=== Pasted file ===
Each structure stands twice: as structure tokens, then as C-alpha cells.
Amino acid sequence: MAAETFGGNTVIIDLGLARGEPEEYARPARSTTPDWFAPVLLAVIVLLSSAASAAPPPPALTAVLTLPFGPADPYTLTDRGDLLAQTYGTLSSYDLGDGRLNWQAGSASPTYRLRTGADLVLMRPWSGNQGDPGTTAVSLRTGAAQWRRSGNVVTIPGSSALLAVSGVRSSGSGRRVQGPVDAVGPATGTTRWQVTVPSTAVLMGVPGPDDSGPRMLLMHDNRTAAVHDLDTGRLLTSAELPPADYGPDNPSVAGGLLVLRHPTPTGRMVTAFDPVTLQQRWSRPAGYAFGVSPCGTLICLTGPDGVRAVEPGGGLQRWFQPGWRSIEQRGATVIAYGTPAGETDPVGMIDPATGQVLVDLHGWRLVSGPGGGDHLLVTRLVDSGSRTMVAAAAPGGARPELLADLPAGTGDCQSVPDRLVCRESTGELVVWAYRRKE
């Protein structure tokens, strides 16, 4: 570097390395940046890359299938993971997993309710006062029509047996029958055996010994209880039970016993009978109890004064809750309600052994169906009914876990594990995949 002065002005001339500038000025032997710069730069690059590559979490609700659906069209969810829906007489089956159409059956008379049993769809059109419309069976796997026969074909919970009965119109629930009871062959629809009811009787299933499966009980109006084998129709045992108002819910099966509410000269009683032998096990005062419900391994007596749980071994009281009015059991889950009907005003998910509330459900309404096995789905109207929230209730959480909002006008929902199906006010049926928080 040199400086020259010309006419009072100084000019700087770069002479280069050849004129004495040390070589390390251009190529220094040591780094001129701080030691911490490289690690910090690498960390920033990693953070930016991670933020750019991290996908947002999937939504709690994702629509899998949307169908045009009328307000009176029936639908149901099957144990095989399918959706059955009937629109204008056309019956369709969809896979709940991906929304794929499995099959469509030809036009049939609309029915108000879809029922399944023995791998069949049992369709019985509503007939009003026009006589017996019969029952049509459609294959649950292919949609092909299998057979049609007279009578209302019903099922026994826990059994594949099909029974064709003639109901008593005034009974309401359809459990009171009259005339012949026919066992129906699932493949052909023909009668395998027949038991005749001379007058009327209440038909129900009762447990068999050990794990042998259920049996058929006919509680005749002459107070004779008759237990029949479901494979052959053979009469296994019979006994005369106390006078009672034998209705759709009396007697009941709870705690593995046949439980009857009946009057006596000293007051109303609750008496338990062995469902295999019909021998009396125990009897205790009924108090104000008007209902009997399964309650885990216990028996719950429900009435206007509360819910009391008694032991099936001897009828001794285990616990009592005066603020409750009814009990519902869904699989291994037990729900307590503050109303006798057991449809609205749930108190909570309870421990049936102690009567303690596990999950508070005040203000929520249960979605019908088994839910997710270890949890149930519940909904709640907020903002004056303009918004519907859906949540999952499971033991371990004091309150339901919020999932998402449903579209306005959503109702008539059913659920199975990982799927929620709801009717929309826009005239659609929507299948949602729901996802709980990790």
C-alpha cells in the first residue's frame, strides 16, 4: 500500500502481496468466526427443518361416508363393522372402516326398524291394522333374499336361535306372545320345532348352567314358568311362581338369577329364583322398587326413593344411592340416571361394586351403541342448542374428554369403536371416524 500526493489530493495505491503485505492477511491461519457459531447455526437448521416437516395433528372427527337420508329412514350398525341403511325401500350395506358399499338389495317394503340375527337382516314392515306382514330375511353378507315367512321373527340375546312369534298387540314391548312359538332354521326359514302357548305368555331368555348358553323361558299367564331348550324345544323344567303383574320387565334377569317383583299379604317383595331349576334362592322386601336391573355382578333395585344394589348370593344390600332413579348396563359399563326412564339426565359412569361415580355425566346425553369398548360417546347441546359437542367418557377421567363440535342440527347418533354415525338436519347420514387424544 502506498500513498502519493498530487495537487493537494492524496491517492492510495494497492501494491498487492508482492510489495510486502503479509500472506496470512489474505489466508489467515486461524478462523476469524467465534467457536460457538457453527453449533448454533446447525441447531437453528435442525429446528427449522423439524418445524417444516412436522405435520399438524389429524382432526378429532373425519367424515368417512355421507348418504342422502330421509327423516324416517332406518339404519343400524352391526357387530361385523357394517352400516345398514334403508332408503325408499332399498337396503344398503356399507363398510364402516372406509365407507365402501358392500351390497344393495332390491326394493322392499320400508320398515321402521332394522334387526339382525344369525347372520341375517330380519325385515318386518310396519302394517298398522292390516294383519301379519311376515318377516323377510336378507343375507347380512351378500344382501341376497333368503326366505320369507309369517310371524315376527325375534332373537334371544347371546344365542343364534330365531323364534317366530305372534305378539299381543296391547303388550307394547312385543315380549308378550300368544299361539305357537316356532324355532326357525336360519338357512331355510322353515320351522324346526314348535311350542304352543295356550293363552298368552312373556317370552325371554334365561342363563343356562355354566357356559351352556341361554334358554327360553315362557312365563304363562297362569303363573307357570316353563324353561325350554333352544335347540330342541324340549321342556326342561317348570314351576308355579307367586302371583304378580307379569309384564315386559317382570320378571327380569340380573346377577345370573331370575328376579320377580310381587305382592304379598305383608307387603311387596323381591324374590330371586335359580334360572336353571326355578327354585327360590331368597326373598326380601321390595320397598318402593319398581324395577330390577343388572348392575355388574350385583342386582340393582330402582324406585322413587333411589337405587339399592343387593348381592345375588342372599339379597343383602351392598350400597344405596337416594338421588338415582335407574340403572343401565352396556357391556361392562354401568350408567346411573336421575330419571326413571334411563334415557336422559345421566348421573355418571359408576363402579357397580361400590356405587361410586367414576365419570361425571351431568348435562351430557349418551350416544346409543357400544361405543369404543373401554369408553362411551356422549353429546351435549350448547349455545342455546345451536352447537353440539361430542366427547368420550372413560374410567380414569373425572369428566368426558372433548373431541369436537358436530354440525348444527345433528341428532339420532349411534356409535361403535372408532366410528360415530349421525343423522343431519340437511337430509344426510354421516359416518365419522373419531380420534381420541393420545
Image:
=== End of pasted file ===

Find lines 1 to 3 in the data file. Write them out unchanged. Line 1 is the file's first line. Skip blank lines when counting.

Each structure stands twice: as structure tokens, then as C-alpha cells.
Amino acid sequence: MAAETFGGNTVIIDLGLARGEPEEYARPARSTTPDWFAPVLLAVIVLLSSAASAAPPPPALTAVLTLPFGPADPYTLTDRGDLLAQTYGTLSSYDLGDGRLNWQAGSASPTYRLRTGADLVLMRPWSGNQGDPGTTAVSLRTGAAQWRRSGNVVTIPGSSALLAVSGVRSSGSGRRVQGPVDAVGPATGTTRWQVTVPSTAVLMGVPGPDDSGPRMLLMHDNRTAAVHDLDTGRLLTSAELPPADYGPDNPSVAGGLLVLRHPTPTGRMVTAFDPVTLQQRWSRPAGYAFGVSPCGTLICLTGPDGVRAVEPGGGLQRWFQPGWRSIEQRGATVIAYGTPAGETDPVGMIDPATGQVLVDLHGWRLVSGPGGGDHLLVTRLVDSGSRTMVAAAAPGGARPELLADLPAGTGDCQSVPDRLVCRESTGELVVWAYRRKE
């Protein structure tokens, strides 16, 4: 570097390395940046890359299938993971997993309710006062029509047996029958055996010994209880039970016993009978109890004064809750309600052994169906009914876990594990995949 002065002005001339500038000025032997710069730069690059590559979490609700659906069209969810829906007489089956159409059956008379049993769809059109419309069976796997026969074909919970009965119109629930009871062959629809009811009787299933499966009980109006084998129709045992108002819910099966509410000269009683032998096990005062419900391994007596749980071994009281009015059991889950009907005003998910509330459900309404096995789905109207929230209730959480909002006008929902199906006010049926928080 040199400086020259010309006419009072100084000019700087770069002479280069050849004129004495040390070589390390251009190529220094040591780094001129701080030691911490490289690690910090690498960390920033990693953070930016991670933020750019991290996908947002999937939504709690994702629509899998949307169908045009009328307000009176029936639908149901099957144990095989399918959706059955009937629109204008056309019956369709969809896979709940991906929304794929499995099959469509030809036009049939609309029915108000879809029922399944023995791998069949049992369709019985509503007939009003026009006589017996019969029952049509459609294959649950292919949609092909299998057979049609007279009578209302019903099922026994826990059994594949099909029974064709003639109901008593005034009974309401359809459990009171009259005339012949026919066992129906699932493949052909023909009668395998027949038991005749001379007058009327209440038909129900009762447990068999050990794990042998259920049996058929006919509680005749002459107070004779008759237990029949479901494979052959053979009469296994019979006994005369106390006078009672034998209705759709009396007697009941709870705690593995046949439980009857009946009057006596000293007051109303609750008496338990062995469902295999019909021998009396125990009897205790009924108090104000008007209902009997399964309650885990216990028996719950429900009435206007509360819910009391008694032991099936001897009828001794285990616990009592005066603020409750009814009990519902869904699989291994037990729900307590503050109303006798057991449809609205749930108190909570309870421990049936102690009567303690596990999950508070005040203000929520249960979605019908088994839910997710270890949890149930519940909904709640907020903002004056303009918004519907859906949540999952499971033991371990004091309150339901919020999932998402449903579209306005959503109702008539059913659920199975990982799927929620709801009717929309826009005239659609929507299948949602729901996802709980990790």